A growing body of evidence suggests that the cerebellum is involved in both cognition and language. Abnormal cerebellar development may contribute to neurodevelopmental disorders such as attention deficit hyperactivity disorder (ADHD), autism, fetal alcohol syndrome, dyslexia, and specific language impairment. Performance in eyeblink conditioning, which depends on the cerebellum, can potentially be used to clarify the neural mechanisms underlying the cerebellar dysfunction in disorders like these. However, we must first understand how the performance develops in children who do not have a disorder. In this study we assessed the performance in eyeblink conditioning in 42 typically developing children between 6 and 11 years old as well as in 26 adults. Older children produced more conditioned eyeblink responses than younger children and adults produced more than children. In addition, females produced more conditioned eyeblink responses than males among both children and adults. These results highlight the importance of considering the influence of age and sex on the performance when studying eyeblink conditioning as a measure of cerebellar development.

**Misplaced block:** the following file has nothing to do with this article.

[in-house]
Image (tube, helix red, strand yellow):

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Persistent URL dx.doi.org/10.1371/journal.pone.0177849, hdl.handle.net/1765/100464
Journal PLoS ONE
Löwgren, K. (Karolina), Bååth, R. (Rasmus), Rasmussen, A, Boele, H.J, Koekkoek, S.K.E, de Zeeuw, C.I, & Hesslow, G. (Germund). (2017). Performance in eyeblink conditioning is age and sex dependent. PLoS ONE, 12(5). doi:10.1371/journal.pone.0177849